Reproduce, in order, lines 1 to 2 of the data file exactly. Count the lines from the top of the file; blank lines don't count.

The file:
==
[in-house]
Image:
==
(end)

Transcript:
[in-house]
Image: